One particularly damaging, but often ignored, effect of conflict on education is the proliferation of attacks on schools [] as children, teachers or school buildings become the targets of attacks. Parents fear sending their children to school. Girls are particularly vulnerable to sexual violence.
    They claimed the censorship of the article was an attack on free speech.
  3. A time in which one attacks. The offence of a battle.
    The army timed their attack to coincide with the local celebrations.
  4. (cricket) Collectively, the bowlers of a cricket side.
  5. (volleyball) Any contact with the ball other than a serve or block which sends the ball across the plane of the net.
  6. (lacrosse) The three attackmen on the field or all the attackmen of a team.
  7. The sudden onset of a disease.
    I've had an attack of the flu.
  8. An active episode of a chronic or recurrent disease.
  9. (music) The onset of a musical note, particularly with respect to the strength (and duration) of that onset.
  10. (audio) The amount of time it takes for the volume of an audio signal to go from zero to maximum level (e.g. an audio waveform representing a snare drum hit would feature a very fast attack, whereas that of a wave washing to shore would feature a slow attack).

Synonyms

  • (volleyball): hit, spike
  • See also Wikisaurus:attack

Antonyms

Hyponyms

Related terms

Translations

Verb

attack (third-person singular simple present attacks, present participle attacking, simple past and past participle attacked)

  1. (transitive) To apply violent force to someone or something.
    This species of snake will only attack humans if it feels threatened.
  2. (transitive) To aggressively challenge a person, idea, etc., with words (particularly in newspaper headlines, because it typesets into less space than "criticize" or similar).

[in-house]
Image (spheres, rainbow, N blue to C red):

She published an article attacking the recent pay cuts.
    • 2012 June 3, Nathan Rabin, “TV: Review: THE SIMPSONS (CLASSIC): “Mr. Plow” (season 4, episode 9; originally aired 11/19/1992)”, in (Please provide the title of the work):
      In its God-like prime, The Simpsons attacked well-worn satirical fodder from unexpected angles, finding fresh laughs in the hoariest of subjects.
  3. (transitive) To begin to affect; to act upon injuriously or destructively; to begin to decompose or waste.
    • Macaulay
      On the fourth of March he was attacked by fever.
    • B. Stewart
      Hydrofluoric acid [] attacks the glass.
  4. (transitive) To deal with something in a direct way; to set to work upon.
    We´ll have dinner before we attack the biology homework.
    I attacked the meal with a hearty appetite.
  5. (transitive, cricket) To aim balls at the batsman’s wicket.
  6. (intransitive, cricket) To set a field, or bowl in a manner designed to get wickets.
  7. (intransitive, cricket) To bat aggressively, so as to score runs quickly.
  8. (soccer) To move forward in an active attempt to score a point, as opposed to trying not to concede.
    • 2011 October 15, Michael Da Silva, “Wigan 1 - 3 Bolton”, in BBC Sport:
      Six successive defeats had left them rooted to the bottom of the Premier League table but, clearly under instructions to attack from the outset, Bolton started far the brighter.
  9. (cycling) To accelerate quickly in an attempt to get ahead of the other riders.

Synonyms

  • See also Wikisaurus:attack

Translations


Swedish

Etymology

Borrowing from English attack.

Pronunciation

  • IPA(key): /aˈtak/

Noun

attack c

  1. attack; an attempt to cause damage
  2. attack; offense of a battle

Declension

Inflection of attack 
Singular Plural
Indefinite Definite Indefinite Definite
Nominative attack attacken attacker attackerna
Genitive attacks attackens attackers attackernas

Related terms